Liparis bootanensis Griff. Syn. Liparis plicata Franch & Savat.
Chinese name: Lianchiyangersuan (sickle wing goat ear garlic). In Hong Kong and Bhutan Twayblade
Chinese medicinal name: Jiuliandeng (nine lotus lamps)
Taiwanese name: single leaf Liparis
Japanese name: Chi-kei-ran (bamboo grass Cymbidium)
Herb is epiphytic or lithophytic, with small, clustered, ovoid pseudobulbs. It is distributed from Nepal to south- ern China up to Hainan, Hong Kong, Taiwan, Japan (Ryukyu Islands, Kyushu), Korea, Indochina, Thailand, Philippines, Borneo, Java, the Langkawi Islands and Myanmar at 800–2300 m.
Herbal Usage: Botanically, in CTM, Jiuliandeng, the entire plant is used to treat fever, enrich qi and blood, treat tuberculosis, lymph node enlargement in tuberculosis, sores and ulcers, abdominal pain, distension and schistosomiasis. Cooked with pork, it provides a remedy for coughs and sore throat.
Liparis cathcartii Hook.f.
Chinese name: Erzheyangersuan (two fold sheep ear garlic
It is a small terrestrial herb. It is distributed only in Sichuan and central and northwest Yunnan in China, but it also occurs in Laos, Myanmar, northeast India, Bhutan and Nepal.
Herbal Usage: Chinese herbal medicine employs the whole plant to stop pain and to clear colds.
Liparis cespitosa (Lam.) Lindl.
Chinese name: Xiaohuayanger Suan (small ﬂowered goat ear garlic), Shisuantou (stone garlic), Yeshengyangersuan (goat ear garlic), Congshen-gyangersuan
It ﬂowers in September, January and March in Sri Lanka. The species enjoys a wide distribution from East Africa across the Himalayan foothills, southern China and Southeast Asia to the Paciﬁc Islands.
Herbal Usage: The whole plant is used in Taiwan to treat fever and remove toxins. In CTM terminology, it cools blood and stops bleeding.
Liparis condylobulbon Rchb. f. Syn. Liparis treubii J.J. Smith
Indonesian name: Anggrek gajang
It is distributed from Myanmar, Thailand to Malaysia, Indonesia, the Philippines eastwards to Fiji.
Herbal Usage: Natives in Sulawesi (Indonesia) once believed that chewing on the young pseudobulbs and rubbing the heated leaves of the orchid on the abdomen facilitated bowel movements and relieved a distended stomach.
Liparis cordifolia Hook. f. Syn. Liparis argentopunctata Aver., Liparis keitaoensis Hayata
Chinese name: Xinyeyangersuan (Silver cricket orchid).
Phytochemistry: Two alkaloids, keitaonine and keitine were isolated from L. keitaoensis (¼ L. cordifolia). Keitaonine is a pyrrolizidine- based alkaloid, an ester of 3-methoxy-malaxinic acid and laburnine. Keitine is an aglycone of keitaoine but it is possible that it might not exist in the living plant.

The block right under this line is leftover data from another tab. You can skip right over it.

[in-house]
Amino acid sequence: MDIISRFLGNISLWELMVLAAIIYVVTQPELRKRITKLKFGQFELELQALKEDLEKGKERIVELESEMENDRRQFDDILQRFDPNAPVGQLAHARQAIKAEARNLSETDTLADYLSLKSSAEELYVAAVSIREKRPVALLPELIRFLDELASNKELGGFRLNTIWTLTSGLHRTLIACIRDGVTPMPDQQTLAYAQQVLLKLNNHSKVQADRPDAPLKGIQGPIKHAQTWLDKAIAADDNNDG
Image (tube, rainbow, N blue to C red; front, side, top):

Herbal Usage: A decoction of the root is a Taiwanese remedy for abdominal pain
Liparis distans C.B. Clarke Syn. Liparis yunnanensis Rolfe
Chinese names: Yunnan yanger Lan (Yunnan sheep ear orchid), Dahuayan-gersuan (big ﬂower sheep ear garlic) Yunnan Yangercao (Yunnan sheep ear herb)
Chinese medicinal name: Hushitou
It enjoys a wide distribution from Guangdong, Guangxi, Guizhou, Yunnan, Sichuan and Tibet in China to Assam, Thailand, Laos Cambodia, Vietnam and the Philippines.
Herbal Usage: Herb is obtained from Guangdong, Guangxi, Yunnan, Sichuan and Tibet. Entire plant is used to treat pneumonia. A decoction is made with 6–16 g of the whole plant.
Liparis dunnii Rolfe
Chinese names: Dachunyangersuan (big lip sheep ear garlic), Fujianyangersuan (Fujian Province goat ear garlic)
Chinese medicinal name: Shuangyejinqiang
This narrowly-endemic species was originally discovered during a botanical expedition in cenral Fujian province in 1903 growing on rocks at Tze Chuk Hang.
Liparis fargesii Finet
Chinese name: Xiaoyangersuan (small lip sheep ear garlic)
Chinese medicinal name: Shimi
It is found at 300–1700 m in Southern Gansu, Guizhou, Hubei, Hunan, Shaanxi, Sichuan and Yunnan. The plant is cold-resistant.
Herbal Usage: Herb is obtained from Shanxi, Sichuan and Gansu. Entire plant is used in Chi- nese herbal medicine. It beneﬁts the lungs, reduces heat, stops coughs, and is prescribed for tuberculosis, heat coughs and whooping cough. To prepare a decoction, 6–9 g of the dried herb is used at a time.
Liparis kumokiri F. Maek.
Chinese name: Xuesancao (spread snow grass) Japanese name: Kumokiri so
The medicinal herb comes from Shanxi It is common terrestrial herb in the Russian Far East, Korea and in Japan between Hokkaido and Kyushu.